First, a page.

Ideally, I want to write scene descriptions that are engaging, clear, and conjure visuals from the page. I want the reader to breeze through my script, and have the scene descriptions subtly work to pique their interest, bringing them deeper and deeper into the world of my story.
These are the qualities I want my scene descriptions to have, but alas, I am a wordy gal. I am, can’t help it. My first drafts are often plagued with long descriptions, and my scene descriptions are no exception. Here are a few tips I use to help get my scene descriptions more in line with what you’ll see in traditional screenplays!
Don’t underestimate your audience.
Don’t worry too much; the reader wants to buy what you’re selling. If you set a scene in a bedroom, they’re going to imagine a bed, dresser, closet or whatever other bedroom accessories. You don’t have to describe every nook and cranny of a space!
Don’t describe what it looks like; describe what’s happening in it!
Int. Leon's Bedroom - Day
Leon leaps from the bed. He dances around the scattered clothes littering the floor on his way to the bathroom.
Like I said before, as a reader, you’re already picturing the bedroom. This description is doing more than just describing the location: it’s showing us the main character, Leon, waking up in it.
Someone described it to me this way back in college: “Don’t talk about the photo. Talk about the movie!” The photo is the image you have in your mind of where the scene is taking place. The movie is what’s happening in that setting. What’s the action occurring there? Describe that!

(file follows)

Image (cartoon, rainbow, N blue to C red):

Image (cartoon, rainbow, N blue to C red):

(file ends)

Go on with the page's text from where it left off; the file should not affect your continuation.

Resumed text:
Make the scene descriptions work for you.
Take the above example, for instance. It describes the state of the space; it’s messy, which could say something about the character Leon. I describe how Leon’s interacting with the space. He’s leaping, and he’s dancing. All of this is more information about the character.
Whip those scene descriptions into shape and make them do more work than they’re doing in your first drafts. Make them speak to other things like character, mood, and tone!
Get rid of the camera directions.
Don’t direct from the page. It can confuse and slow down the reader as they try to picture what’s happening with the camera. The future director is going to direct however they want, so your camera directions won’t be helping them.
Now I’ll contradict myself! Sometimes camera directions are okay. For example, you need to use a close up to reveal something important. Something along those lines is fine, but err on the side of caution, and keep the camera directions to a low minimum!
Edit for it!
No writer is perfect, I’m not, but if you’re aware of your shortcomings and problem areas, then you can work on them! I know I’m verbose, so now I dedicate a whole editing pass to tightening up my descriptions. Ain’t no shame in being wordy; it’s just about taking that into consideration so that you can work on it, and edit it down to what’s industry standard.
Ideally, everything in your script will work together cohesively to tell the story. You want your scene descriptions to work for you, not to overwhelm the page.
With that, happy writing, and/or editing! Hopefully, these tips help to make those scene descriptions do more than describing the setting in your script.